Format

Send to

Choose Destination
J Affect Disord. 2019 Mar 18;251:71-77. doi: 10.1016/j.jad.2019.01.052. [Epub ahead of print]

Psychotropic medication use and intimate partner violence at 4 years postpartum: Results from an Australian pregnancy cohort study.

Author information

1
Intergenerational Health Group, Murdoch Children's Research Institute, Flemington Road, Parkville, VIC 3052, Australia.
2
Intergenerational Health Group, Murdoch Children's Research Institute, Flemington Road, Parkville, VIC 3052, Australia; Department of Paediatrics, The University of Melbourne, Parkville VIC 3052, Australia.
3
Clinical Epidemiology and Biostatistics Unit, Murdoch Children's Research Institute, Flemington Road, Parkville, Victoria, 3052, Australia.
4
Department of General Practice, The University of Melbourne, Parkville VIC 3052, Australia.
5
Intergenerational Health Group, Murdoch Children's Research Institute, Flemington Road, Parkville, VIC 3052, Australia; Department of Paediatrics, The University of Melbourne, Parkville VIC 3052, Australia; Clinical Epidemiology and Biostatistics Unit, Murdoch Children's Research Institute, Flemington Road, Parkville, Victoria, 3052, Australia; Department of General Practice, The University of Melbourne, Parkville VIC 3052, Australia; South Australian Health and Medical Research Institute, North Terrace, Adelaide SA 5000, Australia. Electronic address: stephanie.brown@mcri.edu.au.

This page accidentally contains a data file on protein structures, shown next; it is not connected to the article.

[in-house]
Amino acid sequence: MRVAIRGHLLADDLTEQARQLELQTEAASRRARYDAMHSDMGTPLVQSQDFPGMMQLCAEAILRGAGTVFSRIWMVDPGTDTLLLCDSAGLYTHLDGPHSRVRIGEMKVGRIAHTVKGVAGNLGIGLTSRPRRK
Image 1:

Abstract

BACKGROUND:

In the perinatal period, maternal mental health problems and intimate partner violence often co-occur. We aimed to examine associations between psychotropic medication use and intimate partner violence (IPV) in an Australian population-based sample.

METHODS:

Prospective cohort study of 1507 first-time mothers recruited in early pregnancy (mean gestation 15 weeks) from public maternity hospitals in Melbourne Australia. Follow-up questionnaires at 12 months and four years included validated measures of intimate partner violence (Composite Abuse Scale), and maternal mental health (Edinburgh Postnatal Depression Scale, SF-36). Data on use of psychotropic medications was collected using a self-report measure at four years postpartum.

RESULTS:

At four years postpartum, almost one in eight mothers (13.9%) were taking psychotropic medication. The prevalence of psychotropic medication use in women experiencing concurrent IPV was considerably higher compared to women not experiencing IPV (25% vs 11%, Odds Ratio = 2.68, 95% CI 1.73-4.15). Women experiencing IPV were significantly more likely to be taking psychotropic medication, even after adjusting for sociodemographic factors and depressive symptoms (Adj OR = 1.86, 95% CI 1.16 to 2.96). Only 5% of women reporting IPV at four years postpartum had discussed this with a general practitioner.

LIMITATIONS:

Limitations include use of a self-report measure to assess psychotropic medication use, lack of data on the use of psychological counselling and/or other specialist mental health services and potential for attrition to bias results (addressed using multiple imputation).

CONCLUSIONS:

Our findings reinforce the need for health professionals treating women for depressive symptoms to inquire about IPV and tailor responses accordingly.

KEYWORDS:

Cohort study; Intimate partner violence; Maternal anxiety; Maternal depression; Psychotropic medication

PMID:
30904778
DOI:
10.1016/j.jad.2019.01.052

Supplemental Content

Full text links

Icon for Elsevier Science
Loading ...
Support Center